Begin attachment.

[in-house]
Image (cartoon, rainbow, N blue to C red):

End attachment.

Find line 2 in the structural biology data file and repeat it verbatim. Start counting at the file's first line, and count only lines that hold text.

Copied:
Image (cartoon, rainbow, N blue to C red):